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Baker's Dozen

Films for Big Eyes: Charlemagne Palestine’s Baker’s Dozen
David Moats , August 22nd, 2019 15:52

Former Film Editor David Moats is brought out of retirement for Charlemagne Palestine’s Film Bakers Dozen They discuss his Jewish heritage, lucky breaks and vomit vision.

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Que Viva Mexico! - Sergei Eisenstein, 1932
I'm from Russian Jewish immigrant grandparents and Eisenstein was Jewish from Riga [Latvia]. This film about Mexico never really got fully developed: it was supposed to be a big Hollywood film, and after they saw some of it, and they saw that it wasn’t going to be very commercial, they sort of let him loose. I love the way he looks at the Mesoamerican objects and architecture and then the people and it really shows the ancient Mexican civilizations in a very powerful way.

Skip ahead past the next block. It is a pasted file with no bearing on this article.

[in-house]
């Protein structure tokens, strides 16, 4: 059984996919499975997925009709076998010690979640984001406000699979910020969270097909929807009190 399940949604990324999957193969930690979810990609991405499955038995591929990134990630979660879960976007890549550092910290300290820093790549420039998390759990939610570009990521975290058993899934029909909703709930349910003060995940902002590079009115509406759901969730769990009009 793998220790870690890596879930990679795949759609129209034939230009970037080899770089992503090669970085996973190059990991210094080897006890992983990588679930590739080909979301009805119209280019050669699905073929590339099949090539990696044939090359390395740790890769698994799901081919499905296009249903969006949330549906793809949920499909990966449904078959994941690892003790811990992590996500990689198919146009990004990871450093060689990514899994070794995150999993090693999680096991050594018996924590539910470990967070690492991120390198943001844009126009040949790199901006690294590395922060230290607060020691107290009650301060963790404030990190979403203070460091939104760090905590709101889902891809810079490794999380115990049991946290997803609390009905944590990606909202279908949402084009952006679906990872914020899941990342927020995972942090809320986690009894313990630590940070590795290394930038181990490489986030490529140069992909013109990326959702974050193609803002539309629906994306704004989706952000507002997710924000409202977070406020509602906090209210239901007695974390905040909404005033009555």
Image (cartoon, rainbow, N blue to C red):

So you’ve talked about your "subjective" camera style and this film seems like a very subjective view of Mexico, like one which never existed.

it is very dreamlike, it is almost looks like science fiction, like Metropolis. These strange peoples, you could almost think that they were invented, but they're not. And he found some fantastic representatives, descendants of this Mesomerican culture, who are in these films and he has them do these "portraits". It's an extraordinary film. He's finally out of his own Russian culture and it’s a strange kind of tourism.


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